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Marion VA hosts eventful ‘Stuff the Bus’ food drive, health fair

MARION — If you come out to the Marion VA Medical Center on Thursday, you might have thought fair season opened early with all the music, tents, lawn games, drumming, lawn yoga, and refreshments. 







VA2K.

Participants return from the VA2K walk at Marion VA Medical Center Thursday during a health fair event.  


Robert Robbins



People came to the VA campus to see what the event was all about, which was a multifaceted health fair put on by the VA and community groups.

“We couldn’t ask for better weather for a better day!” said Willy Martinez, Public Affairs Specialist for the VA. 

The health fair wasn’t just about one thing, but several.

There was a food drive called “Stuff the Bus” where people could donate their pantry goods in attempt to fill up a bus. 

The Stuff the Bus event, meant to be a creative take on past donation drives, drew lines of people donating to food insecure veterans.

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Stuff the Bus

A bus is parked outside the Marion VA Medical Center on Thursday during a fair-like gathering. The bus was filled with pantry donations for veterans who need help with food.  


Robert Robbins



“I just want to say thanks to all the community partners who have come out to help us stuff the bus,” said Martinez. 







Tents

A woman is seen walking across the parking lot of Marion VA Medical Center on Thursday during the health fair, near information tents educating the public about all the services the VA offers. 


Robert Robbins



Another event going on was a health walk called VA2k, where community partners helped to put on the event and staff could be seen walking the campus grounds along the sidewalks. 

VA Hosts health fair, VA2K, and food drive

Robert Robbins



“We walk to show health and to support different veteran programs that are out there,” Martinez said. The VA2k walk is a modest 1.2 miles along the beautiful sidewalk paths at the VA. Informational lawn placards decorated the way, educating participants of different health concerns and ways to treat them, from heart disease to tobacco use.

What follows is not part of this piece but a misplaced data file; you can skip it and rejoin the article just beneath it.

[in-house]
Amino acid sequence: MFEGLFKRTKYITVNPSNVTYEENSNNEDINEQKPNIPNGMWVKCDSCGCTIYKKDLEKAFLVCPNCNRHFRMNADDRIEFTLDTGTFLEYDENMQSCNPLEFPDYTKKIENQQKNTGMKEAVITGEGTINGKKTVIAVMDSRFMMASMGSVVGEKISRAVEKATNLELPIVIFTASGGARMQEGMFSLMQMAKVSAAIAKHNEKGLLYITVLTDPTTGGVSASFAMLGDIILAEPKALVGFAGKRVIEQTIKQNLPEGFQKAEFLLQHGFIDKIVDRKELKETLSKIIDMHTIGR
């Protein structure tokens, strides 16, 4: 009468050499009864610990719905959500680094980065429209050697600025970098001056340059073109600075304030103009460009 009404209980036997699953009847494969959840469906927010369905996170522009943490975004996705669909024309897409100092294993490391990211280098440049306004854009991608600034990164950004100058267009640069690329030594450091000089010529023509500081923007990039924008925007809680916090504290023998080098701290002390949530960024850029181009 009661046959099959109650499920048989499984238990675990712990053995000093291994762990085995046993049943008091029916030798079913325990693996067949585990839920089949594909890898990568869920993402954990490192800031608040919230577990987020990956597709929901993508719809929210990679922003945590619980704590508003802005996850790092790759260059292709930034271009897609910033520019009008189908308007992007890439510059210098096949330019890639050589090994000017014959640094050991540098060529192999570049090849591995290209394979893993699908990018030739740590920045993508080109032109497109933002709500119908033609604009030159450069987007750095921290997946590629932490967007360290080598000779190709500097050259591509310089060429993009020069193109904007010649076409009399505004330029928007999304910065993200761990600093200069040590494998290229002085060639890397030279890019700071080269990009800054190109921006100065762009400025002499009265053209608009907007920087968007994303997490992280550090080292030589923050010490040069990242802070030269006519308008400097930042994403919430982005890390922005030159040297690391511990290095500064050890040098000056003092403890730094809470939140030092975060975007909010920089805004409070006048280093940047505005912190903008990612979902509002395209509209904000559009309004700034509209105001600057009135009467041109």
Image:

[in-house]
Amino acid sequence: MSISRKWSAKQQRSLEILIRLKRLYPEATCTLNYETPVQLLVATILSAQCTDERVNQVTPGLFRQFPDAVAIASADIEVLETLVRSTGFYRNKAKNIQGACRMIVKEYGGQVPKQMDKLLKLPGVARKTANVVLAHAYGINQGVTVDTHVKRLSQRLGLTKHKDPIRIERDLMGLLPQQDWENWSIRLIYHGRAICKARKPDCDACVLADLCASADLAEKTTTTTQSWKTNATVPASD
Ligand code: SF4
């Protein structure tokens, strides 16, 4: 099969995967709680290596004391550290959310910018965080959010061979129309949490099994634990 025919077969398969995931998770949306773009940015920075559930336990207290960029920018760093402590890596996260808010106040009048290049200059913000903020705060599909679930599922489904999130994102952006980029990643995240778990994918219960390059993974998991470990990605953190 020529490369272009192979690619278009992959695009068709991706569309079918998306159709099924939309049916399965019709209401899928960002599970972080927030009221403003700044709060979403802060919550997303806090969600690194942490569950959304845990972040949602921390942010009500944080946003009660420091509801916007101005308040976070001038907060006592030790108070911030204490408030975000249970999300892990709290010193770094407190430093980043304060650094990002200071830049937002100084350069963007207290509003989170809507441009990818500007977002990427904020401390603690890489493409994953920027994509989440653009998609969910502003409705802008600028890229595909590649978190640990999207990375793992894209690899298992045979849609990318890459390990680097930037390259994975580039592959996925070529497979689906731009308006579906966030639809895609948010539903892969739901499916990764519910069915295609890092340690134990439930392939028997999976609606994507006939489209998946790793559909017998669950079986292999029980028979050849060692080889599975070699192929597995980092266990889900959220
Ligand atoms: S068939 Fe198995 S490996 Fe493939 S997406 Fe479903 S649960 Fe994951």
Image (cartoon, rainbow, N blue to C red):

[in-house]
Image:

The fair also included tents and tables where participants could visit and receive information about all the VA has to offer.  

“We have 24 different VA services out here, from LGBTQ services to home services to community in the care to PTSD to recover services; you name it, we have them out here,” said Martinez. 

“We’re here to support having healthy relationships, because veterans are twice as likely to have had traumatic events that affect their relationships,” said Hayley Orendoff, Intimate Partner Violence Assistance Coordinator, who had a table at the event.

“So we have trauma in our lives, it affects how present we are in our relationships, and that can increase the conflict, the aggression, all those things. So we are here with resources with the VA or we partner up with our community resources to help them out with solving those issues and having better, safer relationships,” Orendoff said.







Yoga

A yoga instructor demonstrates a yoga pose Thursday during the Health Fair on the lawn of the Marion VA Medical Center. 


Robert Robbins



For those who were more hands-on, the VA offered Tai chi, yoga, and reflexology demonstrations, as well as a drum circle.

The VA regularly offers outdoor adventures, archery, hiking, kayaking, drum circles, art therapy, writing classes, as well as a host of whole-health programs for veterans looking for more than just a doctor checkup or prescription. 

“We’re changing the paradigm so that the veteran is at the center. The veteran lets us know what it is we can do to make them feel better. It’s not what’s the matter with them; it’s what matters to them,” Martinez said. 

“So if the veteran has the a goal of being able to fit in a uniform or maybe their daughter is getting married in eight months, they will connect with one of our whole-health coaches and then they will set them up with different classes that they can take, they’ll set them up with a dietitian, they can take yoga classes along the way, just whatever their life goal is, we try to supplement whatever it is we can do for them, so that they can live fuller lives and enjoy the moments that they have,” added Martinez. 

“It is more body maintenance than anything. You take your car to the mechanic every six months to get the oil changed. That’s the same concept we are trying to adopt here,” Martinez said. 

The health fair drew dozens upon dozens of people who had the opportunity to learn all about the many services the VA offers veterans. 

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